My kidney table is where I will work with students in small groups during guided reading, guided math, and writers workshop. It’s one of my favorite spots in the room!!  From my chair I can see my whole room with one swooping glance. It’s where I was standing when I took the first panoramic picture from the start of this post. There are not blind spots. That’s important because I need to see what my crew is up too even when I’m not directly working with them. You want them to know that you can see them from here too! 😉 This year my table is located very close to the drinking fountain. No water fountain shenanigans will be getting by this teacher. #sorrynotsorrykids  Behind my table is going to be my teacher work space. It’s still a work in progress right now. I think I’m going to swap that table for small desk from Ikea that I have my sights on, but I’m not sure yet. The size of my teacher work space has evolved greatly over the years. I started with a big traditional teacher desk, moved onto an even bigger crafting desk that helped me get organized, but ultimately downgraded to a small table. I prefer to free up the space to create better traffic flow and more available space for the students to work aside from their seats. {That’s the next topic we will visit here.} I’m only ever really at my desk when the class is out of the room. And if we’re honest, it ends up becoming more of a place for me to collect papers throughout the week. #realtalk #teacherproblems Still, I like having a small space that’s just mine.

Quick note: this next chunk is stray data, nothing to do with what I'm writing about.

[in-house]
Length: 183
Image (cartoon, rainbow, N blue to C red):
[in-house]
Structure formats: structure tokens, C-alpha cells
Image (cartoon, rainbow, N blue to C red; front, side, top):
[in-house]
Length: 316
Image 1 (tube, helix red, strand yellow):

{Ikea table pictured above, here}